New Labour has a whopping majority in the House of Commons – despite getting only 40.7% of the national vote in 2001, they got 413 seats (or 62.7% of the House). The disproportionality the first-past-the-post system lends to the resulting balance of power is not exactly news, but until recently the only solution has been to complain and advocate PR – and what Government is going to introduce a system to supplant the one that got them into power in the first place?
So – Internet to the rescue! The 1997 and 2001 elections saw the rise of tactical voting websites. Now, with a sizeable minority of the liberal left dissatisfied with New Labour (and more specifically, Tony Blair), there is extra impetus to giving them a bloody nose at the next election.
The problem with so many sites is that the message differs – for my old hometown of Cambridge (Edinburgh, like the rest of Scotland, has lots of boundary changes so making a call here is nigh-on impossible) – Strategic Voter says it’s a marginal seat so vote Lib Dem, while Backing Blair says its unlikely to make a difference. Both sites suffer the fatal flaw in their databases that the sitting MP, Anne Campbell, opposed the Iraq war and quit herGovernment post, so an anti-war vote to unseat her would be misguided.
At the very least, more complex data are needed for intelligent decisions to be made (none of the sites seem to make use of what’s available elsewhere – marrying their location data with data from publicwhip on issues like Iraq would be a good start).
But merely past performance isn’t really enough. Very little thought has been given on what happens after the election – what will happen to this Labour party after the election, with its reduced majority. The makeup of the parliamentary power has a heavy influence on the leadership election for Blair’s successor, so shouldn’t anti-Blair campaigners focus on voting out Blairite Labour MPs, rather than all Blairites? Of course, whether an MP is Blairite or not is not a simple judgement, you could look at how rebellious or loyal an MP is, perhaps. A decision based purely on that data though would make Gordon Brown one of most Blairite MPs (he has not rebelled in this Parliament at all).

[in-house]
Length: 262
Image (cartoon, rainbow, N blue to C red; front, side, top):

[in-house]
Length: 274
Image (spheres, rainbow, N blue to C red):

As well as possibly encouraging misinformed or underinformed decisions, the tactical voting sites lack much introspection. How did Labour get such a whopping majority in the first place? Not just because the Tories were hated, but they were so hated that many resorted to tactical voting, and sites like Tactical Vote to kick them out in 1997, and make them stay out in 2001.
I oppose first-past-the-post, with the disproportionate power it hands to the minority of the population who happen to be swing voters in marginal seats and thus, how it focuses the political agenda only on the issues that concern that minority. Tactical voting sites only try to solve the symptoms rather than the cause. In fact, all it does is allow another minority, the tech-savvy, to wield undue influence over the protest. The sites and their campaigns may succeed (on their terms) in the short term, but if you really want to make voting more representative in the long term, then you’re going to have to start thinking about reforming the system, rather than just trying to hack with it.
(Ta to Damian for some interesting chat on the subject earlier in the week, which inspired this post.)